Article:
If you have separated from your spouse or de facto partner, deciding what to do about the family home can raise a whirlwind of emotions. Many memories are attached to the family home – good and maybe bad – and while some may want to hold onto the home and all the sentiment that goes with it, others may want nothing more than to move on. 

In many cases, the decision is primarily influenced by financial circumstances with the only realistic outcome being that neither party retains the home. If the matter becomes particularly contentious, then the ultimate decision may rest with a Court.

For many reasons, the family home may be held in one name only, in a trust or corporate entity, or jointly with a third party. Despite the strict legal interests, it is important to recognise that when dividing property, all interests in all assets held by the parties to the marriage or relationship must be taken into consideration. 

This article outlines some possible outcomes that may be reached when dividing interests in the family home, after discussing some preliminary financial and bank related issues to consider post-separation.

Talking to your financial institution

One of the first property-related considerations after separation should be your banking and finance arrangements. The sooner you communicate with your bank or home loan lender, the sooner you might explore the options available. 

Financial institutions are experienced and equipped to deal with financial hardship and relationship breakdowns and have processes to assist parties navigate post separation, particularly when there is a mortgage over the family home. Policies may allow for short-term variations to repayment requirements to assist with cashflow. This might include an interim ‘mortgage holiday’ if you are ahead on payments or possibly a switching from principal and interest to interest-only payments while negotiations are occurring. 

While discussing your mortgage matters with your bank, you should also consider:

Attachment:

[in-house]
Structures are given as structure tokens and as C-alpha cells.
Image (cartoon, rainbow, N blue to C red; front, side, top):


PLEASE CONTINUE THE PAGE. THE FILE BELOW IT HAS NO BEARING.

• closing joint accounts or ensuring any joint accounts that remain open require both parties to authorise transactions;
    • cancelling joint credit cards;
    • opening individual accounts.

Working through the numbers means having a clear understanding of the balance owing on your loan, the way any offset accounts are set up, and the relevant fees (including early break fees) that will apply if the property is sold and the mortgage paid out.

Getting early legal and financial advice

Even if separating on good and amicable terms, it is important to obtain independent financial and legal advice when negotiating the division of your assets and before finalising a property settlement. Stamp duty concessions are generally available when transferring real estate subject to a family law property settlement, however these concessions cannot usually be accessed unless a formal legal settlement has been properly documented. 

Other considerations such as capital gains tax may also be relevant which can have a significant impact on the overall property adjustment. Working with your lawyer and financial advisor will ensure that these matters are properly considered during the negotiation process so as to try and provide the optimum settlement for your particular circumstances.

What are the options with the family home?

Following are some of the agreements that may be negotiated with respect to the family home after separation. The outcome will of course depend on the joint and individual circumstances of the parties and how the negotiations proceed.